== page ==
You also write a blog and maintain a social media presence on Facebook, Twitter, and Pinterest. What do you like most about social media? What’s your least favorite aspect of it?
I love making connections. Blogging has helped me discover my writing voice and my “real life” voice. I’ve made a conscious choice to be as authentic as possible on social media, but also be the best version of myself. Making conscious decisions about what I broadcast publicly on the internet has had a positive impact on my life in general.
My least favorite aspect of social media is how it feeds my deep-seated insecurity that I have to be constantly available and constantly producing to stay relevant. So I force myself to challenge that feeling. I tell myself I CAN take a break and I CAN disappear from the social media world for a bit, if I am going through a bad or stressful time and have nothing helpful to say. There’s value in learning to step back and take a breath.
The tag line of your blog is “Set Yourself Free.” What does that expression mean to you, and how do you “set yourself free?”
It is a daily practice of identifying what thoughts, beliefs, feelings, and actions are holding me back and weighing me down, hurting and not helping. It’s identifying what I can do to bring a sense of relief, or lightness, back into my life. It’s the Serenity Prayer: accepting the things I can’t change and having the courage to change the things I can and the wisdom to know the difference.
You and your husband have two adorable sons, and just a few months ago welcomed your first daughter into the family. How do you find time for yourself in the midst of married life and motherhood? How do you pamper yourself when you get some time to relax?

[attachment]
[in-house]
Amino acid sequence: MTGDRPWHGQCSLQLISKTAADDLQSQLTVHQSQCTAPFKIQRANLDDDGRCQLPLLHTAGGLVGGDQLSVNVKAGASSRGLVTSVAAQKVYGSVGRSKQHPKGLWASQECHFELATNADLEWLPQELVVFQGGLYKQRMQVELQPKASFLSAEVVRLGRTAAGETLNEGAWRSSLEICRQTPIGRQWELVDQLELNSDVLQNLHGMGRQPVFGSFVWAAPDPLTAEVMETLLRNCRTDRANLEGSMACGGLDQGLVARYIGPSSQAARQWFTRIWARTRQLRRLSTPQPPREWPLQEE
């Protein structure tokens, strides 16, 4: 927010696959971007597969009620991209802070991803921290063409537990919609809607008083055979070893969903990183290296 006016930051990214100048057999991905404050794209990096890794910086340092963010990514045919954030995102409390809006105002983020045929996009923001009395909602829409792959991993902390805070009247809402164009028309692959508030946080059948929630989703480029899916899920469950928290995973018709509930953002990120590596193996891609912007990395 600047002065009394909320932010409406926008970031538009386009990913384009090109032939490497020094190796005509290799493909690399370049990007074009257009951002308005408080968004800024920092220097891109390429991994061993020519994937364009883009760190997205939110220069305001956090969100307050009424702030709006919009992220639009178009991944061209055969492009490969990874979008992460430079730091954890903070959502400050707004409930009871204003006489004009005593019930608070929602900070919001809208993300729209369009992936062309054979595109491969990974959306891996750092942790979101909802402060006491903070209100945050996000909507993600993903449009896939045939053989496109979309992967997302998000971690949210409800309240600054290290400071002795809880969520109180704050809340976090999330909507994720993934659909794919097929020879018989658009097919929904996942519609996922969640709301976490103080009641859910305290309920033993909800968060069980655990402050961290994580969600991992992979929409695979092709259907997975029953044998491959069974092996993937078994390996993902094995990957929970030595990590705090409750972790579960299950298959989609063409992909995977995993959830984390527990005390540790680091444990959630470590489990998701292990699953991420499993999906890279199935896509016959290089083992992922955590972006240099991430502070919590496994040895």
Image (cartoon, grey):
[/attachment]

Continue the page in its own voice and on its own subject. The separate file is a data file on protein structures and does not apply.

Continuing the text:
Right now, I have less time for myself than ever before. So, I steal moments. If I’m in the car, alone, I sing out loud. I’m typing this in my “Panera Bread” office on a Saturday. I bought myself a full-fat mocha and said yes to the whip. I have a gym membership with childcare, and I try to go a couple of times a week. I recently started bike riding with some women who live on my cul-de-sac. We go at 5:30am. There’s no pressure. Just turn on your porch light if you’re riding that day. Recently, I attended a networking event and won a one hour massage! I’m going to schedule it for a weekday, when the kids are at the sitter and I should be working. That will be fun and rebellious.
Share your Five Favorites:
Favorite Meal: Homemade southern style macaroni and cheese
Favorite Book: Eat, Pray, Love, by Elizabeth Gilbert
Favorite Movie: When Harry Met Sally
Favorite Song: September by Earth Wind and Fire
Favorite Place: Charleston, South Carolina. The “Holy City” is home and my favorite place on earth.
Give us your Elevator Speech.
Oh my goodness, how tall is the building? I’m not sure I’ve ever mastered the elevator speech. But for you, Becca, I’m going to give it my best try: I am a writer and a blogger. I write about my life in hopes of telling stories that entertain and inspire others and give them the feeling of “Oh yeah, I’ve been there!” As a consultant, I help my clients tell their stories, too. I love discovering what makes them so special and sharing their stories with the world.
Get Social With Angie: